Inyo County Sheriff’s Office press release
Unfortunately, after disasters, there is a notable rise in email and social media scams. Malicious actors often use social media and email to post false information or links to malicious websites with pleas for post-disaster donations. The United States Department of Justice offers the following tips:
*Do not respond to any unsolicited (spam) incoming e-mails, including clicking links contained within those messages, because they may contain computer viruses.
*Be skeptical of individuals representing themselves as members of charitable organizations or officials asking for donations via e-mail or social networking sites.
*Be aware of organizations with copy-cat names similar to but not exactly the same as those of reputable charities.
*Rather than follow a purported link to a website, verify the legitimacy of nonprofit organizations by utilizing various Internet-based resources that may assist in confirming the group’s existence and its nonprofit status.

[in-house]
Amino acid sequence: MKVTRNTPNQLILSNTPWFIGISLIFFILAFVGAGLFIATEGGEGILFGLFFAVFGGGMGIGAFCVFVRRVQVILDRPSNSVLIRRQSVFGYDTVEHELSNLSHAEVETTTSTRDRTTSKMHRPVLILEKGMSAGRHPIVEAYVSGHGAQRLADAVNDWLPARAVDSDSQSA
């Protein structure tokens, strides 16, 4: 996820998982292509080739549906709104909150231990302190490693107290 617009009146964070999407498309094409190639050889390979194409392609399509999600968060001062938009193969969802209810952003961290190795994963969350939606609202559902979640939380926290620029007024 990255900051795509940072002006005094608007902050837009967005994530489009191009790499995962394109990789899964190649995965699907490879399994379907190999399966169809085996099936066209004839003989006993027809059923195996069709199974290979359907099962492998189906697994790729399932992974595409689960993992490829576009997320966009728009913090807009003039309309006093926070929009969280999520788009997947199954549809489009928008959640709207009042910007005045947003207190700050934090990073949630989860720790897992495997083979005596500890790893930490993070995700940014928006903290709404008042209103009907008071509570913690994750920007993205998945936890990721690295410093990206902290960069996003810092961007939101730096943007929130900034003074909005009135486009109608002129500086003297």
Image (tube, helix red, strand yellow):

*Be cautious of e-mails that claim to show pictures of the disaster areas in attached files because the files may contain viruses. Only open attachments from known senders.
*To ensure contributions are received and used for intended purposes, make contributions directly to known organizations rather than relying on others to make the donation on your behalf.
*Do not be pressured into making contributions; reputable charities do not use such tactics.
*Be aware of whom you are dealing with when providing your personal and financial information. Providing such information may compromise your identity and make you vulnerable to identity theft.
*Avoid cash donations if possible. Pay by credit card or write a check directly to the charity. Do not make checks payable to individuals.
*Legitimate charities do not normally solicit donations via money transfer services. Most legitimate charities’ websites end in .org rather than .com.